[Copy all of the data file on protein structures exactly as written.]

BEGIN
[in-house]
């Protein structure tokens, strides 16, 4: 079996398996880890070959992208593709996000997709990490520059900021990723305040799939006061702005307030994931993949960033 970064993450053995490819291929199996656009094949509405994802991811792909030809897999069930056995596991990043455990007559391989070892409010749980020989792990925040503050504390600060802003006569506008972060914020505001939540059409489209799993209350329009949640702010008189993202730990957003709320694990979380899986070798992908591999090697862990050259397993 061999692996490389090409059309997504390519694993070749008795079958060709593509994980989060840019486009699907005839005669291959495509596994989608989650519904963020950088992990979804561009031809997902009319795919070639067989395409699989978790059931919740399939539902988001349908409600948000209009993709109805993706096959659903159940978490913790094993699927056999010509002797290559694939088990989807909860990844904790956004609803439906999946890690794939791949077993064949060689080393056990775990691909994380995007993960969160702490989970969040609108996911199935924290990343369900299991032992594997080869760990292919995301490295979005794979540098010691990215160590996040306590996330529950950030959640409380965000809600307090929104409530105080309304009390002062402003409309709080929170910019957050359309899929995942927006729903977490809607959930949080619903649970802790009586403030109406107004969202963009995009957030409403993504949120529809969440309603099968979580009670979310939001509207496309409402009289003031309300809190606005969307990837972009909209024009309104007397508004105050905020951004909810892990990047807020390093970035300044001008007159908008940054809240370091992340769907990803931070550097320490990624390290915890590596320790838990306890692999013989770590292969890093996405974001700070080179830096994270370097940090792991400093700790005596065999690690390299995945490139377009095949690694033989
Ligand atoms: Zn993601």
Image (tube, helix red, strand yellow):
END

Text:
[in-house]
């Protein structure tokens, strides 16, 4: 079996398996880890070959992208593709996000997709990490520059900021990723305040799939006061702005307030994931993949960033 970064993450053995490819291929199996656009094949509405994802991811792909030809897999069930056995596991990043455990007559391989070892409010749980020989792990925040503050504390600060802003006569506008972060914020505001939540059409489209799993209350329009949640702010008189993202730990957003709320694990979380899986070798992908591999090697862990050259397993 061999692996490389090409059309997504390519694993070749008795079958060709593509994980989060840019486009699907005839005669291959495509596994989608989650519904963020950088992990979804561009031809997902009319795919070639067989395409699989978790059931919740399939539902988001349908409600948000209009993709109805993706096959659903159940978490913790094993699927056999010509002797290559694939088990989807909860990844904790956004609803439906999946890690794939791949077993064949060689080393056990775990691909994380995007993960969160702490989970969040609108996911199935924290990343369900299991032992594997080869760990292919995301490295979005794979540098010691990215160590996040306590996330529950950030959640409380965000809600307090929104409530105080309304009390002062402003409309709080929170910019957050359309899929995942927006729903977490809607959930949080619903649970802790009586403030109406107004969202963009995009957030409403993504949120529809969440309603099968979580009670979310939001509207496309409402009289003031309300809190606005969307990837972009909209024009309104007397508004105050905020951004909810892990990047807020390093970035300044001008007159908008940054809240370091992340769907990803931070550097320490990624390290915890590596320790838990306890692999013989770590292969890093996405974001700070080179830096994270370097940090792991400093700790005596065999690690390299995945490139377009095949690694033989
Ligand atoms: Zn993601």
Image (tube, helix red, strand yellow):